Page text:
Domain and Regency » Manorialism » Social class » Criminal
Part of a series on Social class
Rural Ranks
Serf · Yeoman · Gentry · Nobility
Urban Ranks
Criminal · Laborer · Craftsman
Guildmaster · Guilder
Regional Variation
Anuire · Rjurik · Brecht · Khinasi · Vos
A criminal may be a vagrant, a wanderer, or even a bandit. Their home is the street, and they rely on charity and their wits to get by. Criminals are regarded as the lowest of the low, and are completely without standing among the other social classes. Their work often deals with garbage and burial of the dead, if work can be found at all. The result is that for members of this group to get by, they must on occasion steal what they need, often food, sometimes clothing or other necessities. Even the life of a serf is an improvement in material standards for the criminal. Because they are shunned by others, criminals tend to keep to themselves, only interacting with their own kind. But it is also the case that criminals prefer to avoid their betters because the slightest misstep could lead to the harshest punishment, and their position will earn them no respect compared to even the poorest laborer, as long as the laborer is presumed law-abiding.
Criminals are filthy and their clothes may be little more than rags, living in shantytowns or garbage dumps that are both home, place of what work there may be, and source of food such as it is. In larger cities these sad characters can be seen wandering the streets, begging, looking for scraps, or simply unaware of the world around them. Even serfs want nothing to do with this scum, many of whom fled serfdom for the hope of a better life in the city. To the serf, there misery serves as a bitter reminder that, although their lot is hard, it could be much worse, and that there is a natural order to things that is best obeyed.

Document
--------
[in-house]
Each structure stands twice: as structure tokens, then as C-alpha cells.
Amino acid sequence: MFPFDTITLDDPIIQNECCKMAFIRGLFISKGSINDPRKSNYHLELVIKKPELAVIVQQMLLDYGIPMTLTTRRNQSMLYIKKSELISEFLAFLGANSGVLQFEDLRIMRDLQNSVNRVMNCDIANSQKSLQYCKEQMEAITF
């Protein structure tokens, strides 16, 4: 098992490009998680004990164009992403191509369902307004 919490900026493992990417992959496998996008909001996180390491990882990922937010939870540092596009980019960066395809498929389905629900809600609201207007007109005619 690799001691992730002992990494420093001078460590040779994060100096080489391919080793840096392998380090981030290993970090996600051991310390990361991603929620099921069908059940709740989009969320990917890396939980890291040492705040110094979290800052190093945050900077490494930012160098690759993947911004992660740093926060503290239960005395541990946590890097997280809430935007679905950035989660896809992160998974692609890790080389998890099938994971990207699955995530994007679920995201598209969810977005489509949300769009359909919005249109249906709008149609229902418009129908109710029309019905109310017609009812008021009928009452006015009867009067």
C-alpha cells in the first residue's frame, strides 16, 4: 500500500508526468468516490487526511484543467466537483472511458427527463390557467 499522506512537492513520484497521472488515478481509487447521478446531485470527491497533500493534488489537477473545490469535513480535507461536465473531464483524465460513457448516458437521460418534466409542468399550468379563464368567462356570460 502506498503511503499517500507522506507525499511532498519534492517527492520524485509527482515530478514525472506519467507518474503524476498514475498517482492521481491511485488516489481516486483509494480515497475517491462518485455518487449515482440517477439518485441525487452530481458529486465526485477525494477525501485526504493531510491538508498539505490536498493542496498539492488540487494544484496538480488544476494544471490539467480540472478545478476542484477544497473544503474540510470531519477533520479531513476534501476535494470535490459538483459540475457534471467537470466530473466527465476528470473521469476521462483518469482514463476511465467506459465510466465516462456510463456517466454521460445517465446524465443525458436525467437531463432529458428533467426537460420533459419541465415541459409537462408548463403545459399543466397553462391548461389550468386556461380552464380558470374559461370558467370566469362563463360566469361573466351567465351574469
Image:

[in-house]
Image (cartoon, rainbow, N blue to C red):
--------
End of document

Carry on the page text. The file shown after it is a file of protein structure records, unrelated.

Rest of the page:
If a criminal is to improve his situation, adventuring is one of the only ways to do so. Although some might have family that they seek to bring out of poverty, most criminals who succeed as adventurers want nothing to do with their background and former life. Rogue is by far the most common profession among adventurers of this background, although not usually by a conscious decision. Rather, these folk tend to fall into petty crime and if they have talent, work their way out of the shantytowns and dumps. Around 75% of all recorded crime is petty theft. Serious theft might make up 10% of all crime. Violence makes up about 10% of recorded crime; murder was relatively rare. Even so, people tend to have a disproportional fear of gruesome crimes than about minor theft, and color their view of this social class by the conduct of its most outrageous members.

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